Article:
/tmp/link-FtygcZ.o:(.rodata+0x4): first defined here
/tmp/linkedlist-n0zF1a.o:(.rodata+0x8): multiple definition of `ERROR_invalidArgument'
/tmp/link-FtygcZ.o:(.rodata+0x8): first defined here
/tmp/linkedlist-n0zF1a.o:(.rodata+0x10): multiple definition of `FLAG_notFound'
/tmp/link-FtygcZ.o:(.rodata+0x10): first defined here
/tmp/linkedlist-n0zF1a.o:(.rodata+0xc): multiple definition of `FLAG_undefined'
/tmp/link-FtygcZ.o:(.rodata+0xc): first defined here
/tmp/linkedlist-n0zF1a.o:(.rodata+0x0): multiple definition of `OK'
/tmp/link-FtygcZ.o:(.rodata+0x0): first defined here
clang: error: linker command failed with exit code 1 (use -v to see invocation)
  • 2
    (a) Add static to their decls, or (b) extern them, remove the initialization, and move the definition with initialization to a single translation unit, or (c) make them part of an enum. You have options. – WhozCraig Jun 14 '14 at 2:23
13

The #include directive in C simply copies the text from the header file. That means that when you compile both link.c and linkedlist.c, the constant definitions from flag.h gets copied into both, and all these constants are now defined in both link.o and linkedlist.o`. When you link the program you get a name you get a multiple definition error.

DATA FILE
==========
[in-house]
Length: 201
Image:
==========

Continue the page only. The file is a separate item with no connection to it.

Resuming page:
You need to split the declaration from the definition, and create a flag.c file where you define const int OK = 1; etc., and at flag.h you'll stay with const int OK; etc. That way, the constants will be compiled into a single object file - flag.o - and you won't get a multiple definition error when you link.

  • While this is a good explanation what is going on, this is bag advice. const variables are just the wrong tool for the task. Please see my answer. – Jens Gustedt Jun 14 '14 at 6:27
6

Since you don't need these constants as objects, you should just use a different feature to define them, enumerations.

enum { OK = 1, ERROR = -1, FLAG = 0, ONE = 1, };

These are of type int and will never give rise to multiple symbol errors. Their advantage is that they can remain inside the .h file. Thereby there value is visible to all functions that use them and can better be optimized.